A class action alleges that FCA US, LLC, and Stellantis N.V. are charging delivery fees for vehicles that exceed the true delivery costs.
Specifically, the lawsuit contends this is associated with the sale of model-year 2018 and later Chrysler, Jeep, dodge, Ram, Fiat, and Maserati-brand vehicles distributed for sale in the U.S. by FCA.
As asserted in the complaint, the “Monroney Sticker” required by law to be placed on the window of each new vehicle for sale lists, among other information, a destination charge that reflects the cost of delivering the vehicle to a dealership. These charges have purportedly skyrocketed in recent years, and in a way that is not tied to the actual costs incurred for such delivery.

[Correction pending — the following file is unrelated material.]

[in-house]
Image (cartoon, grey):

Two of the named plaintiffs, Perry and Wendy Beeney, say they paid destination charges of $1,495 for their 2020 Dodge Journey Crossroad, $1,495 for their 2021 Jeep Renegade Trailhawk, and $1,795 for their 2022 Ram 2500 Power Wagon—amounts they contend were “materially higher than the delivery cost” of the vehicles.
The lawsuit raises claims under including violation of state consumer laws and unjust enrichment. The remedies sought include damages and repayment of destination charges exceeding the cost of delivering the vehicles to dealerships for sale.
The case is Perry Beeney, et al. v. FCA US, LLC, et al., case number 1:22-cv-00518, in the United States District Court for the District of Delaware.